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Seventeen Seconds (Deluxe Edition)

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iTunes Review

After the sprightly punk-pop of their debut — Three Imaginary Boys in the U.K, Boys Don’t Cry in the U.S. — the Cure returned in 1980 with a retooled group and sound. New bassist Simon Gallup and temporary keyboardist Mathieu Hartley recast the group as a smoother, increasingly ambient unit. The emerging Goth movement with its emphasis on sparse, bleak soundscapes and robotic, disembodied rhythms would merge well with Smith’s penchant for mysterious and/or overly dramatic lyrics and the group’s eventual flamboyant fashion sense. But here the emphasis is on an austere minimalism that gives extra heft to every guitar note and each interaction between bass guitar and drum.  Each album “side” began with an instrumental. (“The Final Sound” was meant to be a lengthy piece that was curtailed to 52 seconds by the band’s strict budget and the tape literally running out during recording.) “A Forest” was just upbeat enough to qualify as the album’s single and keep up the group’s public profile, but mostly these gorgeous, icy tunes (“Play for Today,” “In Your House”) stand as quiet songs where nothing specific comes into focus but the overall feeling is complete and satisfying. The expanded edition includes 15 rarities, including the early ‘Cult Hero’ single, several home demos and a slew of live tracks that illustrate the band could be just as eerie, if rougher and tougher, in the live context.

Customer Reviews

17 Seconds - The Cure

It is said that a group has a very difficult time coming up with a second album as you generally spend years writing and playing music that becomes a first album- Robert seems to have had no problem if you ask me! This album is a classic-must have for every Cure fan. This album is a world apart from the first album and yet a logical progression. The economic yet tasty drumming of Lol Tolhurst is sometimes mistaken for a drum machine- rest assured it is really a very steady Lol Tolhurst anchored by the deep melodic bass of Simon Gallup. The simple yet majestic keyboard/synth sounds are a perfect addition to Robert Smith's textural, tasty and meaningful guitar work. He is one of the most under appreciated guitarists of all time. Perhaps the first few times of listening you will find enjoyable but I promise- keep listening and you will get-it. You will eventually love this album. As the late Sun Ra said "The Space in between the notes you play is just as important-if not more important as the notes you play". Robert Smith definately knows that Space is The Place!! Also Cure fans must know this- there was a vinyl/cassette double album release of 17 Seconds and the next album Faith which is named something like "Happily Together" er something like that- that copy of 17 Seconds was mastered at the wrong speed!! While that is a nifty collector piece do not seriously listen to that copy.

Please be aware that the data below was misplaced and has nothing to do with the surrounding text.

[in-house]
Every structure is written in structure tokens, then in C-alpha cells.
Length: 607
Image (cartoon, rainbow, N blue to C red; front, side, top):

Quiet Brilliance

Seventeen Seconds is the best sophmore effort I have ever heard. Remastering this particular album wasn't really needed, as the original recording is SUPER clean. I have been a Cure fan since 1983, and this seems to be the album I come back to the most. It is just fast enough to keep you interested, and quiet enough to sooth the nerves. Other Cure records get the credit, but make no mistake, Seventeen Seconds is where the Robert Smith started moving in the directions that would produce the other timeless classic albums we fans love so much. Without this one, there would be no "Faith", "Pornography", or "Disintegration". Check out "Play for Today", "Three", "A Forest", and "M". Disc 2 is mainly old live material cleaned up. What makes disc 2 necessary is the inclusion of the Cult Hero single. Remastering helped this one, as both songs sound great. "I Dig You" has to be one of the most fun songs The Cure has ever been involved with. This is a must have for any Cure fan.

way to censor me!@

I bought this album on vinyll. I'm buying it again. Way to go intertron genius money wheel. Come up with a new media and I will buy it again-endless consumer.


Formed: 1976 in Crawley, England

Genre: Alternative

Years Active: '70s, '80s, '90s, '00s, '10s

Out of all the bands that emerged in the immediate aftermath of punk rock in the late '70s, few were as enduring and popular as the Cure. Led through numerous incarnations by guitarist/vocalist Robert Smith (born April 21, 1959), the band became well-known for its slow, gloomy dirges and Smith's ghoulish appearance, a public image that often hid the diversity of the Cure's music. At the outset, the Cure played jagged, edgy pop songs before slowly evolving into a more textured outfit. As one of the...
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